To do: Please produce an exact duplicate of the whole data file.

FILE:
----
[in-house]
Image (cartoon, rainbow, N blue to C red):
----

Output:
[in-house]
Image (cartoon, rainbow, N blue to C red):